Short answer: not at all what you’d think. From the Amazon watch forum FAQ:
First, bear in mind that the meters/feet of water resistance on a watch have nothing to do with being able to swim with the watch in that depth of water. That would make sense, but that’s not the way it works. Instead, this is my personal rule of thumb. Some people go a bit stricter, or a bit looser, but this works for me.
- No water resistance: Don’t get it wet. I mean it. It will stop working.
- Water Resistant (no rating) / 30 meters / 100 feet / 3 ATM: Splash-resistant. Suitable for washing the dishes. Don’t immerse in water.
- 50 meters / 165 feet / 5 ATM: Immersion-resistant. Okay to stick your hand in the bathtub while bathing your kids. Not suitable for swimming.
- 100 meters / 330 feet / 10 ATM: Suitable for swimming. Not suitable for equipment-assisted diving.
- 200 meters / 660 feet / 20 ATM: Generally suitable for diving.
Another take, from Wikipedia:
Water resistance rating Suitability Remarks Water Resistant or 50 m Suitable for swimming, no snorkeling water related work, and fishing. NOT suitable for diving. Water Resistant 100 m Suitable for recreational surfing, swimming, snorkeling, sailing and water sports. NOT suitable for diving. Water Resistant 200 m Suitable for professional marine activity and serious surface water sports. NOT suitable for diving. Diver’s 100 m Minimum ISO standard (ISO 6425) for scuba diving at depths NOT suitable for saturation diving. Diver’s 100 m and 150 m watches are generally old(er) watches. Diver’s 200 m or 300 m Suitable for scuba diving at depths NOT suitable for saturation diving. Typical ratings for contemporary diver’s watches. Diver’s 300+ m for mixed-gas diving Suitable for saturation diving (helium enriched environment). Watches designed for mixed-gas diving will have the DIVER WATCH L M FOR MIXED-GAS DIVING additional marking to point this out.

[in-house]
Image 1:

Note: The depth specified on the watch dial or case represents the results of tests done in the lab, not in the ocean.
Some watches are rated in bars instead of meters. Since 1 bar is the approximately the pressure exerted by 10 m of water, a rating in bars may be multiplied by 10 to be approximately equal to that based on meters. Therefore, a 20 bar watch is equivalent to a 200 meter watch. Some watches are rated in atmospheres (atm), which are about 1% greater than bars. In the United Kingdom, scuba divers and others often use the word atmosphere interchangeably with bar (1 atm = 1.01325 bar, or 101,325 Pa).
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